Grocery Food Facts
Baked Goods & Baking Needs:

This section covers cookies, crackers, cake & pie mixes and toppings, etc. As you can probably guess, many items in this aisle have no place in a weight control diet. The main offenders here are cookies and cake/pie mixes and toppings. Further details are available in our section on Baked Goods.


Grocery Food Facts
Ethnic Foods:

This aisle is present in certain grocery stores, particularly in urban areas. It is a mixed aisle containing a large variety of foods, which are impossible to cover here. Suffice it to say some of these foods can be rather caloric, so make sure to check nutrition labels and respect serving sizes. As usual, the main criteria to go by are: A reasonable total calorie count per serving (up to 300-400 calories), a saturated fat content below 3 grams, trans fats zero, cholesterol below 40-50 mg (the lower the better), and sugars below 6-7 grams. If the item is a side dish, shoot for a lower total calorie count (preferably up to 200 calories). If the item is a main dish, may go up to 300-400 calories.


Grocery Food Facts
Salad Dressings, Sauces & al:

What's interesting in this aisle is that healthy choices are usually as tasty as the more caloric items. The ground rule here is: Go for fat-free and low calorie items. In any case, your sauce or salad dressing should bring no more than 50 calories per serving. In fact, you can go much lower: Certain items bring as little as 0-5 calories per serving. To review some of the options available, check out this link:
Salad Dressings, Sauces & al: How do they affect your weight loss program?


Grocery Food Facts
Soups and Side Dishes:

This is another mixed aisle, especially as far as Side Dishes are concerned. Some can be downright awful for weight control, so it's essential to read the nutrition labels.
To the contrary, many soups are fairly reasonable in calorie content. This holds true especially for soups of liquid consistency, as opposed to creamy consistency.
And here's a thing to remember: Clear soup broth is a wonderful item for weight control, bringing in plenty of flavor for almost zero calories. To learn more, see our page about Soups and Side Dishes


Grocery Food Facts
Candy, Nuts, Popcorn:

  • The Candy Aisle is one part of the grocery store I recommend avoiding at all cost. It is sure to provide all the wrong calories, and plenty thereof (since munching on candy is oftentimes addictive).
  • Nuts are discussed in detail under Fruit. Suffice it to say that nuts are healthy, but fairly caloric. They do have a well-established place in weight control, due to their high content of unsaturated (healthy) fats, especially omega-3 fatty acids. Walnuts, in particular, are an excellent source of omega-3 fatty acids (about 2.5 grams per serving). However, 1 oz of nuts brings in about 180 calories. Therefore, it's important to respect the recommended serving sizes.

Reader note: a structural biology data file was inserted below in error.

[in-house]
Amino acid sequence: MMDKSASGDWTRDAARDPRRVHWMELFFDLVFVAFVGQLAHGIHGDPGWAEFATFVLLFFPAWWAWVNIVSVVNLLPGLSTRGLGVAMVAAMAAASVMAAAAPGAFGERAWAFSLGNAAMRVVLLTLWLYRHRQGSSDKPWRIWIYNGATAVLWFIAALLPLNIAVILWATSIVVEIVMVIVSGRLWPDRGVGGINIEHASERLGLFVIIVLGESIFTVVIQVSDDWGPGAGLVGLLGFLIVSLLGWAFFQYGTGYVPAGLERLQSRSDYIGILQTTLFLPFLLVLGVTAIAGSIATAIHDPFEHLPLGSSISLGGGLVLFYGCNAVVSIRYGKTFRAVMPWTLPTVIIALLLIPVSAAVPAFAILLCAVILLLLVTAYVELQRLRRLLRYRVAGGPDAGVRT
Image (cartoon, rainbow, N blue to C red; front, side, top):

• Popcorn is an acceptable item for weight control, if you pick the right kind (reduced-butter or butter-free).
For further details, check out this link:
Candy, Nuts, Popcorn



Grocery Food Facts
Pretzels and Chips:

In my opinion, these snacks have a high potential of derailing a weight loss program, mostly due to the danger of eating more than the recommended serving size. Especially if eating from a big bag, the risk of overeating is quite high. All in all, I think this aisle is best avoided. To learn more, including possible exceptions to the rule, see our section on Pretzels and Chips.


Grocery Food Facts
The Food Pyramid:

Finally, we're done with our shopping. Our cart is full of all the right things. Now, let's think for a moment how we're going to combine those things. This combination of food items in our daily diet is known as the food pyramid.

A properly balanced food pyramid should include the following (as per USDA guidelines):
  • Whole grain breads and cereals, rice, pasta - as a mainstay of our diet.
  • Vegetables and fruit - as the second most important food source (Note: Fruit juices should be limited.)
  • Lean meat, poultry or fish, low-fat or non-fat dairy products, eggs, beans - in the third place. (Note: Avoid frying your meat or eggs. Also, avoid butter, cream and sour cream, which are rich in saturated fat.)
  • Sweets and fats - to be used sparingly. (Note: Most of the fats you ingest should come from nuts, fish, and non-hydrogenated vegetable oils. Limit solid fats such as butter, margarine or lard. Also, limit foods that are rich in added sugar.)
Notes:
  • For seniors over the age of 70: Calcium supplements, vitamin D and vitamin B-12 may be recommended.
  • Persons suffering from certain medical conditions (such as renal disease, liver disease, diabetes, etc) may need some adjustments to the above-mentioned food pyramid.

Many food pyramid variations can be used short-term, and are actually helpful for achieving weight loss. To learn more about food pyramid variations and how they can facilitate weight loss, use the link above.

The controversial Atkin Diet is nothing more than a food pyramid variation. However, it is not one that I consider safe.

The South Beach Diet, on the other hand, is staunchly based on the conventional food pyramid. It simply emphasizes the right carbs to use for weight control and explains the reasons behind these choices.